If you’re ready to take your side hustle to the next level, you might be wondering if it’s worth taking out a business credit card or sticking with your personal credit card.
Although business cards have some of the same features as regular credit cards - including a purchase rate and annual fee - there are a few other things to be aware of. We’ve jotted down the four common differences between a personal credit card and a business credit card to help your decision.
One of the major differences between a personal and business credit card is credit limit. According to the Reserve Bank, the average credit card limit was around $9,500 in 2019, while data from Experian found that the average small business credit card limit in 2016 was $56,100.
This is clearly because businesses often spend at a higher volume than regular credit card users. However, in some cases, a business will need to prove to a provider that their company has a high revenue in order to get approved for a higher limit.
Another perk of business credit cards is the ability to export transactions into accounting software, like Xero. This could be handy if you’re thinking of having multiple credit card users and want to stay on top of how the card is used.
Some cards in particular will help you keep an eye on your business budget to make sure spending is under control.
If you already own a personal credit card, you may remember the details and information you were asked to disclose during the application process. These likely included your ID, income and existing debts.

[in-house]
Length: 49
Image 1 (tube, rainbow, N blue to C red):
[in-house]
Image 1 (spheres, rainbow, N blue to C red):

While a business owner still needs to provide these basic details, you may also be asked to submit an Australian Business Number (ABN), info about how long the business has been operating and its monthly or annual revenue.
Choice of liability
When you take out a business card, you may have to decide whether the account will operate under a personal or business liability. This refers to the person who will be responsible for making repayments and managing the account.
Under personal liability, the sole owner of the credit card is held accountable for ensuring all repayments are made on time and will be the direct contact for any missed or late payments. On the other hand, business liability means the entire company will be held liable for any outstanding payments.
Ready to take out a credit card to help your business grow? Head on over to our business credit card comparison tool to compare your options or check out some personal credit card offers below!